Libbe Matz Gang's “Under the Chemical Cosh” opens with what I imagine the traffic in Ballard's Concrete island sounded like – Bedford vans and 1970's arctic-trucks slowly circling some sunken roundabout, exhaust-pipes flanged into a hyperimagined rumble-drone heard from, I dunno, inside a drainage conduit or underpass but ////let's stop this metaphor before it goes all Mark Fisher; though I do remember a friend in a barge bunk-bed, late summer, 1980, sing-speaking “There's no one driving...” in his sleep: John Foxx lyrics inserted into 3am somnambulic mumble; it was funny-but-fucking-freaky; thoughts surfacing, an anxiety-dream colliding with a song-lyric and oozing out into the world like cotton-wool ectoplasm hanging from the mouth of a bogus Edwardian spiritualist//// but, of course, LMG's music sounds absofuckingnothing like traffic whatsoever – I'm just projecting; everything reminds you of something else, right? – it's a throaty FX-laden pad, not 70's traffic, not a roundabout on the M23 that you're trying to hitch from (a rusty white van turns up, the doors open and ) – but it goes roundandround slowly in the mix – roundandround inside your head like a bad small-hours negative-thought-loop that won't go away until
At around 4 minutes, fluttering wings of treble enter the mix and you think it's gonna turn into hi-hats – like, here come the drums – but the reverse happens: the bass-drone recedes, like traffic-noise at night or a dream or a perceived threat, leaving muted flutterings – insect-wings heard on an old transistor radio; a drug-numbed tongue trying to speak – I remember what constituted so-called 'anti-depressants' in the late-70s; they were filthy fucking horrible drugs, barbiturate-like emotion-flatteners that left you low and dry, spittle-less, impotent, constipated, watching the world through a thick-bottomed brown Mackinsons bottle, a telescope the wrong-way-round, its lens covered in rancid butter everything reminds you of something else synth-modulations come and go, try and take hold, stick to something, but never quite grip – sounds / words / thoughts / emotions that can't quite surface.
8 minutes in, something truly awful arrives: a demonic bad-thought-voice clawing its way thru the cellars of your mind, switching lights on and off, pulling the drawers out of yr furniture, searching for something horrible, something you meant to lose; a memory you don't fucking want to have. The oscillations grow progressively nastier, more unpleasant, more fuzzy and furred up – taloned thought-forms scratching at your brain from within, their claws clogged with cobwebs, sharp/but/soft.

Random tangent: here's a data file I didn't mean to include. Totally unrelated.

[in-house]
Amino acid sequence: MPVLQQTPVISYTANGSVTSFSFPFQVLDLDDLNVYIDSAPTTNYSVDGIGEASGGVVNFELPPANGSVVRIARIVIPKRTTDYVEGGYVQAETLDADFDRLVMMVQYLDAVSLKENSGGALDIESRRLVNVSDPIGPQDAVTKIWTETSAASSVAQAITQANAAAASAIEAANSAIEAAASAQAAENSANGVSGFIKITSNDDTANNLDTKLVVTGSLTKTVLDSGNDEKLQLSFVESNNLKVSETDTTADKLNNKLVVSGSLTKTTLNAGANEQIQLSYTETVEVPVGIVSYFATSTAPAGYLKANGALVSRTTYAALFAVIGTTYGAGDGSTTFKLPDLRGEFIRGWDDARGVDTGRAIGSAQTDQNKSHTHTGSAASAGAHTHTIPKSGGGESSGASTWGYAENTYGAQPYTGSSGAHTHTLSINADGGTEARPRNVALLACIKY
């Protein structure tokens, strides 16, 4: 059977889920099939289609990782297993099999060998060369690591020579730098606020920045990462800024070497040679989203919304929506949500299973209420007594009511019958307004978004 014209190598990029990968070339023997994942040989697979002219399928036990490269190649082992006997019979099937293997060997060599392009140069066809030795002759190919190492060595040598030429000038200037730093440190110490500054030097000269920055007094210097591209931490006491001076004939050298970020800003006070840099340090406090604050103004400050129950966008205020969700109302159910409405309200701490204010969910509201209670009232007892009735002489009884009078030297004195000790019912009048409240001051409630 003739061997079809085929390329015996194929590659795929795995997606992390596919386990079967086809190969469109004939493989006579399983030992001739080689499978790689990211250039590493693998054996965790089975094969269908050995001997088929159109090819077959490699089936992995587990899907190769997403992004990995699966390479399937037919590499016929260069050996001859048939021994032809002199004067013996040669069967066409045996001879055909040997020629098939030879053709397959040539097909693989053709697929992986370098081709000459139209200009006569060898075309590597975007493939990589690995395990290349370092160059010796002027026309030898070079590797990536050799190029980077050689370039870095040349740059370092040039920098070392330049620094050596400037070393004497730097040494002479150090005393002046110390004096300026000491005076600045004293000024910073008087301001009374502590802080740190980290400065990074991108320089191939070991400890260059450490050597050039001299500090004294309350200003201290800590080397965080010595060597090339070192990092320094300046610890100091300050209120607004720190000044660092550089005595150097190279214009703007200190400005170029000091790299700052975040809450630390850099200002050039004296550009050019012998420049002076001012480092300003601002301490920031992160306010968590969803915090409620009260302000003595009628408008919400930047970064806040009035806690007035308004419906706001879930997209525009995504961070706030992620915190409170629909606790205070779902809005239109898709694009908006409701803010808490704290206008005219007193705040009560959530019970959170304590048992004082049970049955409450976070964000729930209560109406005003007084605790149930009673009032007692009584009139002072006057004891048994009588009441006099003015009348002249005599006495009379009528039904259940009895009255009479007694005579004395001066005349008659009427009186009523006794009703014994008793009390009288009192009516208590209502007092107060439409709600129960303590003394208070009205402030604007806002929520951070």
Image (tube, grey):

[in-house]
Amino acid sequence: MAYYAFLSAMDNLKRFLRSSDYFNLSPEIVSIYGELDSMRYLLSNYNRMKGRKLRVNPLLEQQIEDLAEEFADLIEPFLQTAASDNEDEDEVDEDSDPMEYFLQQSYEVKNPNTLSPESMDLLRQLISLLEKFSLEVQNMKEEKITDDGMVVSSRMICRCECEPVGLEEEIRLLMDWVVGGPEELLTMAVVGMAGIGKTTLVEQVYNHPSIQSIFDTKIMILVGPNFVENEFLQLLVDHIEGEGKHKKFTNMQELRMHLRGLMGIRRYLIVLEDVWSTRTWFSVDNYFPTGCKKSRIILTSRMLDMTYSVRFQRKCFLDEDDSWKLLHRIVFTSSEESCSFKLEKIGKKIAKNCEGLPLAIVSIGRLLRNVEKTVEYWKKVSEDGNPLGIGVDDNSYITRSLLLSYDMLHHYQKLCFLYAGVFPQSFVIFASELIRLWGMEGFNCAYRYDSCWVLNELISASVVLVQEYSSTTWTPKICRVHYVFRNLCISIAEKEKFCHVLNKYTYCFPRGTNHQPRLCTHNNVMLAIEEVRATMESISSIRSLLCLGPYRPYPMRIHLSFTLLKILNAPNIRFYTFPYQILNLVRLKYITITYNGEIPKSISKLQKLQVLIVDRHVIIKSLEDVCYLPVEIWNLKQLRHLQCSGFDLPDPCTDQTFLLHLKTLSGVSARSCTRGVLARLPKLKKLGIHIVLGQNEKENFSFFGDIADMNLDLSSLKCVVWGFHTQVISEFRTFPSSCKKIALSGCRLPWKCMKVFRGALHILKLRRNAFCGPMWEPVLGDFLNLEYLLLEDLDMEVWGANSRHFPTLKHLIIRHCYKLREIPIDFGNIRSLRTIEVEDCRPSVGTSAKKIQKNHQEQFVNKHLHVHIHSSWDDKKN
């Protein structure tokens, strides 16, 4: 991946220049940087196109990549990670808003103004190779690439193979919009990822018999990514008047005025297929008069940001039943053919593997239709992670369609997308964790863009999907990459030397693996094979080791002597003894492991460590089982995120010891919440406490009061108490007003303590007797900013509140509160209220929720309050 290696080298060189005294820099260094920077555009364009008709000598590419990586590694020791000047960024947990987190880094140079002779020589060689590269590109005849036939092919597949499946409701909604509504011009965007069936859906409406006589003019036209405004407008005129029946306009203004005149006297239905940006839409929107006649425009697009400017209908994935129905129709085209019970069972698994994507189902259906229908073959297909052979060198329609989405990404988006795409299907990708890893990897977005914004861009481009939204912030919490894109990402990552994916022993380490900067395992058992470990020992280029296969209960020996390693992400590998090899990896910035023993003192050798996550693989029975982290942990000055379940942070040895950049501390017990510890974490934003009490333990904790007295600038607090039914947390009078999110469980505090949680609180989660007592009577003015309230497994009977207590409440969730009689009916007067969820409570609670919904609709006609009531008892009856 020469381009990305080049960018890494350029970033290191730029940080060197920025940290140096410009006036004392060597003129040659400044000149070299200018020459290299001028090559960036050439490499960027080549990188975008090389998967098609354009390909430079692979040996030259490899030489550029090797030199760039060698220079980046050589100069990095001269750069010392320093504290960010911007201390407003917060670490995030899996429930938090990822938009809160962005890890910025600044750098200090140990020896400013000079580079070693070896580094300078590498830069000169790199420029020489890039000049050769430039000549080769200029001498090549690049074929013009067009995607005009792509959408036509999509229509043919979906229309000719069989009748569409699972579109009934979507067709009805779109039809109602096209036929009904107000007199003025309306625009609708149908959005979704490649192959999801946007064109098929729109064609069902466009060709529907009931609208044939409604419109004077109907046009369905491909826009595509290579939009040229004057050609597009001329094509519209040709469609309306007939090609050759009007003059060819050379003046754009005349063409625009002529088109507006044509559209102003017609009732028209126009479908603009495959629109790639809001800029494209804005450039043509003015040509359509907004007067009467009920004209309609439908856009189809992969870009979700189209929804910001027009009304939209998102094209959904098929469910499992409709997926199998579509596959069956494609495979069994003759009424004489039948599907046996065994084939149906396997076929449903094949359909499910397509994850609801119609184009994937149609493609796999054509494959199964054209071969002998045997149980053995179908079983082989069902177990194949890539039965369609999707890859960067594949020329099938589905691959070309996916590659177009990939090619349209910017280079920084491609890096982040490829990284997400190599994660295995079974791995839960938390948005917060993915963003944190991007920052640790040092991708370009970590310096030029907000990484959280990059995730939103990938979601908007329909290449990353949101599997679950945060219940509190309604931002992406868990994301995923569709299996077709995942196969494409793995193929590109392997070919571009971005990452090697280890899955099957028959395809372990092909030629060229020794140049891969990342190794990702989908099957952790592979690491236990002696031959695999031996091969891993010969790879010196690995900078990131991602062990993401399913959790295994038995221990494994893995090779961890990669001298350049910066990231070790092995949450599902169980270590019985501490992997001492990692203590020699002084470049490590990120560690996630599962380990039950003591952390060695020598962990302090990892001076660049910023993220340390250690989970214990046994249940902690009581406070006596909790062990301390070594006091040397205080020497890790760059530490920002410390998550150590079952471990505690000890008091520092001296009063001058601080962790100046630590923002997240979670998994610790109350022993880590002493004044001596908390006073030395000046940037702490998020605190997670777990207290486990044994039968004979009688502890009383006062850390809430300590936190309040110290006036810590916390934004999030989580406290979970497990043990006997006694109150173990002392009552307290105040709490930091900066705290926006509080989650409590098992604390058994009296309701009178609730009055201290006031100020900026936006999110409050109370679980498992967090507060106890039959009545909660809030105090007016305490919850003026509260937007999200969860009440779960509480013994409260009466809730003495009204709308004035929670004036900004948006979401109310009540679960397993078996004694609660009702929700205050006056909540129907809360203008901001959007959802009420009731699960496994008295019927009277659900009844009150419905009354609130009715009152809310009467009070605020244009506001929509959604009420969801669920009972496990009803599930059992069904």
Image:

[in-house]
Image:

A machine that'll never make you better.
Coldsore's “The Significance of Nothing” starts all creamy, drifty, slide-y sinewaves – an ECG that turns into a slow-motion air-raid siren. Hints of early Tangerine Dream (Alpha Centauri-ish era? Atem?). Someone's reading your thoughts. They've got a machine that's teaching itself to do that. A voice, possibly imagined, low in the mix – your conscience, guilt, mother, a hypermediated world? - who knows, but something “is no longer available.” The tones flatten, shift to a lower register, become more 'machine'-like; they pulse, shift, whirr, move up and down relative to one another – not noisy, not nasty, but there's a vague sense of unease in the air and I find myself worrying, “Who is tending to them, these devices and gadgets? Who is in charge here?” Aircraft pass overhead – there's a threat of war – but it never quite materialises (symptoms of mediated 'fear' in a post-millennial world: there's always another 'war', another 'threat', another symptomless 'panic'; we live in a state of constant low-level anxiety – chimeric threat near-manifestation – the news-cycle lock-stepped with the frequencies of fear. Talk-show indoctrination; the right way to think. It's not that the world is too fast – it's too... wrong. Media spits out mixed messages, uneasy narrative u-turns, propaganda-as-neural-aggitator, sewing the seeds of confusion. RightSpeak, ReWrite, WrongRead, DoubleTalk, HorrorHorrorHorror. Some of us handle it better than others). At 11 minutes in, a voice croaks a complaint / moan of pain / request for medication. It sounds like Allen Ginsberg with terminal throat cancer, a street-drinker reaching out, reaching upwards from the shadows, hand outstretched, towards you. A cracked-voice plea fallen on deaf ears. Lifts move up and down shafts, infrastructure hums, a woman tells us she “wants it to stop.”
But it never does.